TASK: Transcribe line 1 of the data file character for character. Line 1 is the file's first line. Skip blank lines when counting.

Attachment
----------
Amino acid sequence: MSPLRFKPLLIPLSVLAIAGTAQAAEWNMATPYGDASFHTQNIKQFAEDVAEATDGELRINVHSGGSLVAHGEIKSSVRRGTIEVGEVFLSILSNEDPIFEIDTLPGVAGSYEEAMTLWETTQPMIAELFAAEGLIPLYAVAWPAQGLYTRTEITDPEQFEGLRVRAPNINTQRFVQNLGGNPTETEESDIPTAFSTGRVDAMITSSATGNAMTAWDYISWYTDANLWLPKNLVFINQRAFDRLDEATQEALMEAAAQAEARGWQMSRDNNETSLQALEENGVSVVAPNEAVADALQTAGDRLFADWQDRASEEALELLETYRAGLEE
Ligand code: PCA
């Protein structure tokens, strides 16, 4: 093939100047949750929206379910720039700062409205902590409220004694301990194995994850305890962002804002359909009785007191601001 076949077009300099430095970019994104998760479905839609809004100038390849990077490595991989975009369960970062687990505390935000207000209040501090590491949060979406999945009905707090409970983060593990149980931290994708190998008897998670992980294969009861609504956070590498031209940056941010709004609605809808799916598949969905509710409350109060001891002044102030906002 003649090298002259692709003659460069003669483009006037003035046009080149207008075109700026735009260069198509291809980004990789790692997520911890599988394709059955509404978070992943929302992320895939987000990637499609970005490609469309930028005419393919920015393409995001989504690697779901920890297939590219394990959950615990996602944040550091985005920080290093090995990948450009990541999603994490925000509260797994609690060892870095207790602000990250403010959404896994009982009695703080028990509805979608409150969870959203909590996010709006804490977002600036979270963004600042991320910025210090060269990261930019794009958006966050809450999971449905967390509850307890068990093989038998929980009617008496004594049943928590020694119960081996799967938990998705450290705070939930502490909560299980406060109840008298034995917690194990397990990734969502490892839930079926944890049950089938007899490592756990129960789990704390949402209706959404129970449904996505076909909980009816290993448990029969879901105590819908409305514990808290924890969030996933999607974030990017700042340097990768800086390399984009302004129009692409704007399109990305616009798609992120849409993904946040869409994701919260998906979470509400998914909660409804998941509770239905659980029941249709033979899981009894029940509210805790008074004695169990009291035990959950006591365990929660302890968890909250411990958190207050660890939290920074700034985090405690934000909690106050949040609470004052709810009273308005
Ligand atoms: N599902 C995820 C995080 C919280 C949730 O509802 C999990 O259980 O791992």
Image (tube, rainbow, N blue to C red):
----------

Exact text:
Amino acid sequence: MSPLRFKPLLIPLSVLAIAGTAQAAEWNMATPYGDASFHTQNIKQFAEDVAEATDGELRINVHSGGSLVAHGEIKSSVRRGTIEVGEVFLSILSNEDPIFEIDTLPGVAGSYEEAMTLWETTQPMIAELFAAEGLIPLYAVAWPAQGLYTRTEITDPEQFEGLRVRAPNINTQRFVQNLGGNPTETEESDIPTAFSTGRVDAMITSSATGNAMTAWDYISWYTDANLWLPKNLVFINQRAFDRLDEATQEALMEAAAQAEARGWQMSRDNNETSLQALEENGVSVVAPNEAVADALQTAGDRLFADWQDRASEEALELLETYRAGLEE